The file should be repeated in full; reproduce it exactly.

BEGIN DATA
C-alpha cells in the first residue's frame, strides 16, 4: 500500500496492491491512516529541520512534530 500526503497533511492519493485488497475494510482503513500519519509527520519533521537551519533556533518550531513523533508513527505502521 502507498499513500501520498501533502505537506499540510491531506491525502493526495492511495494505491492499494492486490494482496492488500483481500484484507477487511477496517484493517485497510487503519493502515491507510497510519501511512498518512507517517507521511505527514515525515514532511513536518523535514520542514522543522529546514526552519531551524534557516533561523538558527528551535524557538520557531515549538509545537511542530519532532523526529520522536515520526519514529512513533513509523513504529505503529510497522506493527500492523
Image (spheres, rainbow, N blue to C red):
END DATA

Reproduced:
C-alpha cells in the first residue's frame, strides 16, 4: 500500500496492491491512516529541520512534530 500526503497533511492519493485488497475494510482503513500519519509527520519533521537551519533556533518550531513523533508513527505502521 502507498499513500501520498501533502505537506499540510491531506491525502493526495492511495494505491492499494492486490494482496492488500483481500484484507477487511477496517484493517485497510487503519493502515491507510497510519501511512498518512507517517507521511505527514515525515514532511513536518523535514520542514522543522529546514526552519531551524534557516533561523538558527528551535524557538520557531515549538509545537511542530519532532523526529520522536515520526519514529512513533513509523513504529505503529510497522506493527500492523
Image (spheres, rainbow, N blue to C red):